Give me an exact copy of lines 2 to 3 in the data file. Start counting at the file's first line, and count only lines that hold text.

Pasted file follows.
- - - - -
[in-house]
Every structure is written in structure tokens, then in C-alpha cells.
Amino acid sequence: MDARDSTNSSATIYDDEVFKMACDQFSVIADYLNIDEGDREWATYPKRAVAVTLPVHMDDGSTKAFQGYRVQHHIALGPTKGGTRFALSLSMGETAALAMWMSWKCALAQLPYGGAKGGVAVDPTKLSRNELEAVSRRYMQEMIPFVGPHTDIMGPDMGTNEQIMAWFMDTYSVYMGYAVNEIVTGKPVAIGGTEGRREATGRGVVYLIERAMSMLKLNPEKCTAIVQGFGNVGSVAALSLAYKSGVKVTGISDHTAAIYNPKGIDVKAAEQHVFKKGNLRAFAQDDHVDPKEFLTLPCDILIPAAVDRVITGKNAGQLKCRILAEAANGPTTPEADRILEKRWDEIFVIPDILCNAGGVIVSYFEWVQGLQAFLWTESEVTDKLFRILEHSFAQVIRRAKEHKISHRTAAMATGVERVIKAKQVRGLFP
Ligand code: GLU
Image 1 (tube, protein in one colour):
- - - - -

Every structure is written in structure tokens, then in C-alpha cells.
Amino acid sequence: MDARDSTNSSATIYDDEVFKMACDQFSVIADYLNIDEGDREWATYPKRAVAVTLPVHMDDGSTKAFQGYRVQHHIALGPTKGGTRFALSLSMGETAALAMWMSWKCALAQLPYGGAKGGVAVDPTKLSRNELEAVSRRYMQEMIPFVGPHTDIMGPDMGTNEQIMAWFMDTYSVYMGYAVNEIVTGKPVAIGGTEGRREATGRGVVYLIERAMSMLKLNPEKCTAIVQGFGNVGSVAALSLAYKSGVKVTGISDHTAAIYNPKGIDVKAAEQHVFKKGNLRAFAQDDHVDPKEFLTLPCDILIPAAVDRVITGKNAGQLKCRILAEAANGPTTPEADRILEKRWDEIFVIPDILCNAGGVIVSYFEWVQGLQAFLWTESEVTDKLFRILEHSFAQVIRRAKEHKISHRTAAMATGVERVIKAKQVRGLFP